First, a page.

Future research may help to determine whether and how state ASD mandates have improved access to and utilization of services for these families. As the majority of the students tracked in this study received some occupational and speech services in school, the authors suggested that increasing the capacity of schools to provide behavioral and mental health services would give families more options and increase the chance that children with ASD can benefit from those services.. Home-based behavioral services may offer another way to increase access, giving parents and caregivers tools to support their children’s mental and behavioral health.
To Learn More
The NIDILRR-funded project on Autism Services and Supports: Impact on Families Survey has developed a series of briefs for families on advocacy, case management, finances, health services, and informal supports: http://www.towson.edu/cla/departments/familystudies/documents/final_combined_family_briefs.pdf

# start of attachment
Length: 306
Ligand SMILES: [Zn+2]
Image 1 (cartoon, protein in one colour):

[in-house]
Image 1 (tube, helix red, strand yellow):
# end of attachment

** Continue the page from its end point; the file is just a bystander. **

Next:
Learn how insurance mandates are supporting children with ASD and their families: https://www.autismspeaks.org/science/science-news/study-suggests-insurance-mandates-help-close-gaps-autism-care
The Autistic Self-Advocacy Network has toolkits to help families advocate for policy changes: http://autisticadvocacy.org/home/asan-joins-letter-opposing-harmful-mental-health-bill/policy-advocacy-toolkits/
To Learn More About this Study
Bilaver, L.A., Cushing, L.S., and Cutler, A.T. (2016) Prevalence and correlates of educational intervention utilization among children with autism spectrum disorder. Journal of Autism and Developmental Disorders, 46, 561-571. This article is available from the NARIC collection under Accession Number J73543.